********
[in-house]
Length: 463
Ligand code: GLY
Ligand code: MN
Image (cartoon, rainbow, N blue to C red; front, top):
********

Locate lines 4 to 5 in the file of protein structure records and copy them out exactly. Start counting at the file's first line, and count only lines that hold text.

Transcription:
Ligand code: MN
Image (cartoon, rainbow, N blue to C red; front, top):